Battle of the Bagradas River (255 BC)
The Roman army was defeated by a Carthaginian army led by Xanthippus. The war continued for another 14 years, mostly on Sicily or in nearby waters. The main source for almost every aspect of the battle is the historian Polybius, a Greek sent to Rome in 167 BC as a hostage.
About Battle of the Bagradas River (255 BC) in brief
The Battle of the Bagradas River took place nine years into the First Punic War. The Roman army was defeated by a Carthaginian army led by Xanthippus. The war continued for another 14 years, mostly on Sicily or in nearby waters, before ending with a Roman victory. The main source for almost every aspect of the battle is the historian Polybius, a Greek sent to Rome in 167 BC as a hostage. Other sources include inscriptions, coins, archaeological evidence and empirical evidence from reconstructions such as Olympias. The immediate cause of the war was the issue of control of the Sicilian town of Messana. By 256 BC the war had grown into a struggle in which the Romans were attempting to decisively defeat the Carthaginians. The Romans were engaging the whole of Sicily, at a minimum, in a struggle for control of their whole mainland, and at a maximum for control over the Arno River. In 264 BC the trireme of Rome and Carthage went to war as the Romans attempted to unify the Mediterranean. The battle was won by the Romans, who captured Tunis, only 16 kilometres from Carthage, in 255 BC. It was the first of a series of battles between Carthage and Rome that lasted until the end of the first century BC, when the Romans won the war. The Battle of Tunis took place in the spring of 255 BC, and is also known as the Battle of Adys. It is one of the most important battles in the history of the Roman Empire, and the Romans are thought to have won it by a margin of more than 1,500 to 1,000.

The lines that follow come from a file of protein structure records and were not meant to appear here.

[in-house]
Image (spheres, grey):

It took place near the modern-day town of Tunis, in North Africa, about 16 kilometres north of the city of Carthage in the east of North Africa. It also took place during the Roman invasion of the Cape Bon Peninsula in 264 BC, during which time the Romans gained a naval superiority over Carthage. The first book of the forty comprising The Histories, written sometime after 167 BC, or about a century after the battle, deals with the events of this battle. It includes a now lost manual on military tactics, but he is best known for his The History, written about a decade after that battle. Other, later, histories of thewar exist, but in fragmentary or summary form, and they usually cover military operations on land in more detail than those at sea. The accuracy of Polybio’s account has been much debated over the past 150 years, but the modern consensus is to accept it largely at face value. Modern historians usually also take into account the later histories of Diodorus Siculus and Dio Cassius, although the classicist Adrian Goldsworthy states that \”Polybius’ account is usually to be preferred when it differs with any other accounts.\””. The Romans had no effective answer to the elephants, their outnumbered cavalry were chased from the field and the Carthagoans then surrounded most of the Romans and wiped them out; 500 survived and were captured, including Regulus.